The recently reported findings of a study conducted by Dr. Mansoor Saleh of Georgia Cancer Specialists (GCS) have received widespread recognition from national medical publications like Hematology and Oncology Today.
Dr. Saleh’s study found that the use of eltrombopag on patients with chronic immune thrombocytopenia (ITP) maintained platelet counts for up to three years. These findings are significant given that previous tests of eltrombopag use on patients with this immune deficiency were only able to prove its success in treatments lasting 6 months or less.
Low platelet counts in patients suffering from ITP can have severe effects including excessive bleeding. This symptom, which occurred in 56% of the participating patients at baseline, was reduced to 20% after two years of treatment, and even further to 11% after three years of treatment.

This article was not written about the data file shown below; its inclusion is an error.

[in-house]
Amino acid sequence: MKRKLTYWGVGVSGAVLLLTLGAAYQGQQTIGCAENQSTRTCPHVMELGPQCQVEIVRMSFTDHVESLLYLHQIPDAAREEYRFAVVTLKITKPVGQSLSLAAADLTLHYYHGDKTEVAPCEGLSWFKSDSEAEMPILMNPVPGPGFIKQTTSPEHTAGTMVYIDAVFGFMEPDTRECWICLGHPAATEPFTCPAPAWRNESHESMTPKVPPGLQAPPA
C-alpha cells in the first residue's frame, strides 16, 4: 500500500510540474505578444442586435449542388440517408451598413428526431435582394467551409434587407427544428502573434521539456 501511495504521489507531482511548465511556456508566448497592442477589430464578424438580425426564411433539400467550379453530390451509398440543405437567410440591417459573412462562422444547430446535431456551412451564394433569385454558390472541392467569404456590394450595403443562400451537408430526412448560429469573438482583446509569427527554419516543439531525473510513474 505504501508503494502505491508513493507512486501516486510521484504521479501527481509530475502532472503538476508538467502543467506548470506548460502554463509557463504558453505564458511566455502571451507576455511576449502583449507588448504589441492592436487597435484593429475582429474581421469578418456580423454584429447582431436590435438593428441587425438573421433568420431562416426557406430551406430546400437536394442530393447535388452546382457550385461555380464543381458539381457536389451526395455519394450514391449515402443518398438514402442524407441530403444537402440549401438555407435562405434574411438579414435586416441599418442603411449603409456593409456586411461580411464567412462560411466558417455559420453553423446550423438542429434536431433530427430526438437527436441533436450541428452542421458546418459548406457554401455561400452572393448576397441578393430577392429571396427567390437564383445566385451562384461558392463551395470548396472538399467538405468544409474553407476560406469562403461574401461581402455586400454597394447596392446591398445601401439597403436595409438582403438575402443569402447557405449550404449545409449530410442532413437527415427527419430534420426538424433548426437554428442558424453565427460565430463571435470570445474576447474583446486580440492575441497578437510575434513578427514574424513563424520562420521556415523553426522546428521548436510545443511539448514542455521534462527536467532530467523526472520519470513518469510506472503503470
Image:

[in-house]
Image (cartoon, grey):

“The data of this analysis and future data on long-term treatment with eltrombopag—including those derived from two ongoing trials in pediatric chronic ITP—will help physicians decide in which patients and when in the course of the disease to introduce thrombopoietin-receptor (TPO-R) agonists in patient treatment paradigms,” said Dr. Saleh.
Regarding the next steps for this treatment’s use, Dr. Saleh said, “Treatment algorithms need to be derived that include TPO-R agonists and maximize clinical benefit while minimizing risk.”
Read some of the online coverage of Dr. Saleh’s work here: